Why buying bargain books is better than putting pic n mix in your pants – probably

Modern high street bookshop

Image: Pixabay

I’m a BAD shopper.

I don’t mean in the urban slang sense, of course. A white, middle aged English woman using urban slang is about as pleasant a sight as you’d expect it to be, innit, and I suspect could cause serious trauma, blu-blu-blood.

A helpline would have to be set up and one of those messages broadcast – the ones you see after TV programmes about gangs or granny rustling:

If you’ve been affected by anything you’ve seen tonight …

I also don’t go around filling my pants with pic n mix or exposing myself in sporting goods departments or putting waders on the lingerie mannequins, or going to the cosmetics counter to ask the ladies if it’s part of their job description to wear every product they sell all at the same time …

I don’t do any of these things. Sometimes I feel like doing some of them – I’ll leave you to guess which.

I’m a bad shopper because I don’t really enjoy it. I don’t browse happily through one ladies wear department to the next, joyfully throwing on every pair of foil slacks, squirrel fur onesie and sequinned jumpsuit on the rails.

The way my shopping outings usually go is as follows:

(1) Root through the plastic storage box that passes for my clothes drawer.

(2) Think ‘Ooh, I really don’t have enough cardigans / jumpers for the chilly English climate.’

(3) Think ‘Ah, yes, that’s because they had holes in them / I did the gardening in them / wore them until they resembled the pelt of something dead, buried and disinterred. Then I threw them away.’

(4) Think ‘I really must get around to buying some more.’

(5) Realise it is in fact April and therefore the shops will only be selling bikinis, flip flops and sarongs for the next three months.

(6) Shrug, go make a cup of tea, eat a Hobnob and resign myself to wearing the same ragged, mouse den knitwear until the New Year sales.*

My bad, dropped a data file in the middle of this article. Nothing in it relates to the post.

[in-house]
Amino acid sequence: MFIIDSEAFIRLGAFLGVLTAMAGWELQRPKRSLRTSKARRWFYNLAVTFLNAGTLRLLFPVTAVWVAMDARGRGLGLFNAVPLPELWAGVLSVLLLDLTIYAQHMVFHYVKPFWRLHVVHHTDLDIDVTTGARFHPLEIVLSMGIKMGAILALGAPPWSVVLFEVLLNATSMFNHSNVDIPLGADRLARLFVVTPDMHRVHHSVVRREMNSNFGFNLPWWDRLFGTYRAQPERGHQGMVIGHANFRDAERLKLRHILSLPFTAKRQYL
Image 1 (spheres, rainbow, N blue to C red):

There is one thing (apart from tea and biscuits) that I am good at buying and that’s books.

Despite my self-imposed Amazon ban (Thou shalt not purchase papery beloveds from the jaws of the sulphur-scented online Behemoth – on pain of being very disappointed and giving yourself a good telling off) I still can’t resist a bargain.

You must’ve seen the offers when you go into book shops or supermarkets. Those naughty, tempting stickers on the paperbacks, the ones that say

Buy one get one half price.

To a bookish type, these stickers are as tempting as a Costa Chai Latte to a sugar addict and I can find myself prowling a table for fifteen minutes or more, one book in hand, desperately trying to find a second so I can only spend half the cover price on it.

It has meant I’ve bought books I was only half interested in, so it’s a good thing I only paid half of what they’re worth. Of course the sensible thing would be to stick with the book I really want and save myself a small amount of money and from having a book on my To Be Read list that I’m not bothered about reading.

Over the weekend, I found myself in this position. The morning had been a bit dispiriting, so to cheer myself, I headed not for the nearest stiletto shop but into WHSmith in the hope of papery nirvana.

What did I find, but a whole shelf of Buy one get on half price paperbacks – joy.

And better than that, I spotted two books I really want to read – Kate Atkinson’s A God In Ruins and Costa Book of the Year winner, The Lie Tree by Frances Hardinge. Excited as a puppy with two tails, I bounded to the counter and handed the cashier my one and a half paperbacks’ worth of cash.

Once home, I had the pleasure of adding my purchases to the TBR Everest next to my bed, only to spot a familiar looking spine already in the stack …

A flickering memory assaulted my brain …

Standing in the supermarket, holding a lovely, crisp paperback, desperately looking for another to buy to fulfill the Buy one get one half price offer … Spotting A God in Ruins and skipping happily to the checkout with it!

Yes, I have in fact, bought Kate Atkinson’s book twice, both times on a half price deal. This means several things.